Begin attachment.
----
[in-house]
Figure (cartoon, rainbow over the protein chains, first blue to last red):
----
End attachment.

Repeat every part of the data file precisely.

[in-house]
Figure (cartoon, rainbow over the protein chains, first blue to last red):